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Capital Area Weekly Ag Report – May 18, 2017

Here is this week’s Ag Report: The Ag Report

Spring has sprung – haylage is being harvested and the first corn has emerged.

In this issue:
Observations in corn, hay, small grains,  alfalfa.

Aaron Gabriel,
Sr. Extension Resource Educator, Agronomy

Cornell Cooperative Extension                                     518-380-1496 cell
415 Lower Main St.                                                      518-746-2560 ofc
Hudson Falls, NY 12839                                              adg12@cornell.edu

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NNY Winter Survival of Alfalfa Under Evaluation by Farmer-Driven Research Program

Before the snow: 2016 Winter Survival Alfalfa Trial after transplanting and watering alfalfa seedlings at Chazy, NY, in Clinton County, Northern New York, May 2016. Photo: J. Hansen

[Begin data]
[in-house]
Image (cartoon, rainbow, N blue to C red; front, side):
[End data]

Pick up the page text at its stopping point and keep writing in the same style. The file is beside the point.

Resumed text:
Winter weather in recent years has created a variety of conditions for Cornell University researchers evaluating the cold weather hardiness of alfalfa crops. At the request of the farmer-driven Northern New York Agricultural Development Program, Dr. Julie L. Hansen and Dr. Donald R. Viands of the Cornell University School of Integrative Plant Science are evaluating carefully-selected alfalfa varieties in trials at the W.H. Miner Agricultural Research Institute in Chazy, NY. The preliminary results of this research have been recently posted at nnyagdev.org.

‘The harsh winter conditions typical in Northern New York make winter survival an essential trait in alfalfa variety selection for regional growers,’ says Hansen.

‘The ultimate goal of this research is to lesson winterkill losses of alfalfa, thereby reducing the money and time farmers lose to forage loss and reestablishment costs for this valuable perennial crop that feeds the dairy and livestock industries,’ notes Viands.